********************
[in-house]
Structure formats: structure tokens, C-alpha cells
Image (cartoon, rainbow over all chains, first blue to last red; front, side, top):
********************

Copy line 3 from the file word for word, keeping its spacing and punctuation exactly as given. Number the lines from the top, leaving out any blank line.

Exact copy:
Image (cartoon, rainbow over all chains, first blue to last red; front, side, top):